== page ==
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Copyright © 1999 by Ralph Robert Moore.
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the best delight
may 15, 1999
Joe, Mary's dad, drove down from Milwaukee in late April to spend a week with us.
He arrived hours earlier than we expected, pushing the tip of his right index finger against the front doorbell while we, on the other side of the door, were still vacuuming and wiping surfaces.
The three of us sat down around the black melamite table in our breakfast nook, faces above reflections of the outside sky, us sweaty and pajama'd, Joe with his cap still on, to talk about Joan's death.
Joan was Joe's wife, Mary's mother.
He's spent most of his time since her death last November creating photo montages of Joan that incorporate images of her over the decades. Joe is a semi-professional photographer. He's won awards; his work has appeared in a variety of shows and publications.
Our four cats pressed their noses against the cuffs of his pants while we talked.
Over the next seven days, we stayed up late each evening around that table, smoking and drinking and laughing as the windows making up the walls of the breakfast nook filled with darkness and stars, interrupting each other to talk about cinematography, Mary's childhood, life after death, California in the forties, war, the Internet, prohibition, and Joan.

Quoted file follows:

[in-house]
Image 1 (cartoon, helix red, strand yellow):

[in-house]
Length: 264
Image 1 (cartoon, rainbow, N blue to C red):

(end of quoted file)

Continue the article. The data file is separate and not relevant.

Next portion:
Joe was a rocket scientist. He's eighty now. In the sixties, he headed the team that designed the navigational system for the Apollo moon rockets.
Each night one of the three of us would prepare a special meal, shaking spices, herbs and olive oil down into the aromatic circle of a steaming skillet. After dinner, we'd retire to the back of the house with black bowls of Blue Bell vanilla ice cream liberally coated with Chambord plum liqueur to watch an Albert Brooks comedy.
The best delight in life has to be sitting down with someone you can talk to for hours, the conversation ranging across the full spectrum of thought, like links.
He had never actually seen the Internet. I showed it to him. One of the days, we searched on his name. After the third page he asked me to stop. "I don't want to know if there's no reference at all to me."